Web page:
Large canines are more prone to have injured joints. Since they have longer bones and a heavier body, their joints experience a higher level of pressure.
Giant breeds like Saint Bernards, Newfoundlands, and Bernese Mountain Dogs are at high risk. These breeds have the highest risk of sustaining CCL tear, especially as they grow older. Breeds like German Shepherd, Golden Retriever, Belgian Malinois, And Pyrenees are also exposed to a higher risk of joint problems.
However, you shouldn’t be too complacent if you own a mid-sized dog. A smaller doggo can still develop joint problems if it experiences sudden weight gain or direct impact to its joints.
Dogs that aren’t receiving ample nutrition will have weak bodies and compromised joints. Like any body part, your dog’s joint cartilage needs various nutrients to stay healthy. If this isn’t met, your canine will slowly experience increase pain and the cartilage will thin fast.
Poor diet practices are also to blame here, especially for pet owners who don’t perform portion control. Some dogs have big appetites and if you don’t monitor their diet, they can get obese over time.
As much as intense physical activity will harm your dog’s joints; the lack thereof will also cause problems. Your dog will become overweight and its knees will have to carry the extra pounds around.
Genetics also has a significant role to play in the condition of a dog’s joints. Irresponsible dog breeders will cross-breed canines without ensuring the quality of its offspring.
What happens is that unhealthy pups are born, on which some would have the problematic conformation and joint health. As much as you can treat this condition, the genetic predisposition of the dog will make it very challenging.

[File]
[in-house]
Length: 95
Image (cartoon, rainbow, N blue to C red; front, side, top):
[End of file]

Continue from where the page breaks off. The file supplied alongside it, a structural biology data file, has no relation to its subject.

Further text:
Also, even if the dog is born healthy, its body build will be a determining factor.
Active dogs put a lot of pressure on their knee joints. Over time, this will accumulate, which will cause the joints to suffer intense pain. Activities like flyball, agility drills, and dock diving are just some that expose your dog’s joints to extreme force.
Also, if your dog loves jumping, expect that it will experience joint pain in a matter of time. You must get it checked to prevent complications.
How to know if it’s arthritis?
Osteoarthritis is challenging to detect on its first stages. Your dog may not really show immediate signs not until the condition has worsened. Some canines will even hide the pain just to please their owners during rigorous physical activities.
Still, you can be proactive by monitoring your dog once it reaches the senior age. Any limping or change in their gait should be a cause of concern.
Take note that osteoarthritis isn’t just a condition of the joints. It will also affect the spine area of a canine.
Signs of osteoarthritis…
The following are some of the signs that your doggo is already developing osteoarthritis:
-Decreased muscle mass on the affected limbs
-Reduced muscle mass on the spine area
-Pain on the affected area when touched